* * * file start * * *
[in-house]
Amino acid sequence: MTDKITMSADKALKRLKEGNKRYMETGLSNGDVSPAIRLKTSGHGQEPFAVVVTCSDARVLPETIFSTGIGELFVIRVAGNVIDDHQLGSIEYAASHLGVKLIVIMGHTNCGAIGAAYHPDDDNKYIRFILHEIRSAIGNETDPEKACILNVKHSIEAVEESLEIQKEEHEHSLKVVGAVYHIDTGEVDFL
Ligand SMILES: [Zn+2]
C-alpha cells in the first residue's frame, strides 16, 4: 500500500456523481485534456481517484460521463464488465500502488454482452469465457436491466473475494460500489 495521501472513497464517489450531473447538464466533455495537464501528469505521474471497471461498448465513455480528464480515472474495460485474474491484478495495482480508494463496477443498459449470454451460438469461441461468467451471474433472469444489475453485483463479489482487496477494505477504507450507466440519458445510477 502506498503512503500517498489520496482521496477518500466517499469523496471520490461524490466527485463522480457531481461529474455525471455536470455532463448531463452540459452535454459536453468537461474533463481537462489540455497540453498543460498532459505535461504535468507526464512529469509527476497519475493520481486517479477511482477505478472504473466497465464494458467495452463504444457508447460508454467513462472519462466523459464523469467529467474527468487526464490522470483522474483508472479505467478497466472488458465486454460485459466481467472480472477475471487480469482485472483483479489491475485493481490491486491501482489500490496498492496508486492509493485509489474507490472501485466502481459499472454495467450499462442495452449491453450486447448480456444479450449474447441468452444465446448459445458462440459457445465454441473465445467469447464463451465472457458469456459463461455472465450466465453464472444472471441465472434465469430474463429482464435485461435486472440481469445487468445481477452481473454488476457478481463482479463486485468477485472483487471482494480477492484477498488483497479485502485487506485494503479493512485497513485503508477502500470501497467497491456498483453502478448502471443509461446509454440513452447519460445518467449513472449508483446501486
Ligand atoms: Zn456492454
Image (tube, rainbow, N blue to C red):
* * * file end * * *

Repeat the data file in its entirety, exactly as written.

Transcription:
[in-house]
Amino acid sequence: MTDKITMSADKALKRLKEGNKRYMETGLSNGDVSPAIRLKTSGHGQEPFAVVVTCSDARVLPETIFSTGIGELFVIRVAGNVIDDHQLGSIEYAASHLGVKLIVIMGHTNCGAIGAAYHPDDDNKYIRFILHEIRSAIGNETDPEKACILNVKHSIEAVEESLEIQKEEHEHSLKVVGAVYHIDTGEVDFL
Ligand SMILES: [Zn+2]
C-alpha cells in the first residue's frame, strides 16, 4: 500500500456523481485534456481517484460521463464488465500502488454482452469465457436491466473475494460500489 495521501472513497464517489450531473447538464466533455495537464501528469505521474471497471461498448465513455480528464480515472474495460485474474491484478495495482480508494463496477443498459449470454451460438469461441461468467451471474433472469444489475453485483463479489482487496477494505477504507450507466440519458445510477 502506498503512503500517498489520496482521496477518500466517499469523496471520490461524490466527485463522480457531481461529474455525471455536470455532463448531463452540459452535454459536453468537461474533463481537462489540455497540453498543460498532459505535461504535468507526464512529469509527476497519475493520481486517479477511482477505478472504473466497465464494458467495452463504444457508447460508454467513462472519462466523459464523469467529467474527468487526464490522470483522474483508472479505467478497466472488458465486454460485459466481467472480472477475471487480469482485472483483479489491475485493481490491486491501482489500490496498492496508486492509493485509489474507490472501485466502481459499472454495467450499462442495452449491453450486447448480456444479450449474447441468452444465446448459445458462440459457445465454441473465445467469447464463451465472457458469456459463461455472465450466465453464472444472471441465472434465469430474463429482464435485461435486472440481469445487468445481477452481473454488476457478481463482479463486485468477485472483487471482494480477492484477498488483497479485502485487506485494503479493512485497513485503508477502500470501497467497491456498483453502478448502471443509461446509454440513452447519460445518467449513472449508483446501486
Ligand atoms: Zn456492454
Image (tube, rainbow, N blue to C red):